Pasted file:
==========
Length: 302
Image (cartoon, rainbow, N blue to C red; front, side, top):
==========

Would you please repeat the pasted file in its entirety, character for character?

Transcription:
Length: 302
Image (cartoon, rainbow, N blue to C red; front, side, top):